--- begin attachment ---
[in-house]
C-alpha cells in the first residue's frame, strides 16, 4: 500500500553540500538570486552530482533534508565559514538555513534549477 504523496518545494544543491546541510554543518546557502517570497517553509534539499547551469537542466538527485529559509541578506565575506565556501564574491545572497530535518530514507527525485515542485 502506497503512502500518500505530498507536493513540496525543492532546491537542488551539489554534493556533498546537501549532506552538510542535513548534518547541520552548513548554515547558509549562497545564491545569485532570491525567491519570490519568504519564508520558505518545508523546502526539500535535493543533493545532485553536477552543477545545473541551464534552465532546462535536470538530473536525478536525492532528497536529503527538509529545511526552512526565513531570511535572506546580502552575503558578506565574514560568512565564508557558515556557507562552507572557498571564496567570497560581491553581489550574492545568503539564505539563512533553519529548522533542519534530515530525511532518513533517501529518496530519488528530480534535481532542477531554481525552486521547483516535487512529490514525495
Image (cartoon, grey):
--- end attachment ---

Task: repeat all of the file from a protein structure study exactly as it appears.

[in-house]
C-alpha cells in the first residue's frame, strides 16, 4: 500500500553540500538570486552530482533534508565559514538555513534549477 504523496518545494544543491546541510554543518546557502517570497517553509534539499547551469537542466538527485529559509541578506565575506565556501564574491545572497530535518530514507527525485515542485 502506497503512502500518500505530498507536493513540496525543492532546491537542488551539489554534493556533498546537501549532506552538510542535513548534518547541520552548513548554515547558509549562497545564491545569485532570491525567491519570490519568504519564508520558505518545508523546502526539500535535493543533493545532485553536477552543477545545473541551464534552465532546462535536470538530473536525478536525492532528497536529503527538509529545511526552512526565513531570511535572506546580502552575503558578506565574514560568512565564508557558515556557507562552507572557498571564496567570497560581491553581489550574492545568503539564505539563512533553519529548522533542519534530515530525511532518513533517501529518496530519488528530480534535481532542477531554481525552486521547483516535487512529490514525495
Image (cartoon, grey):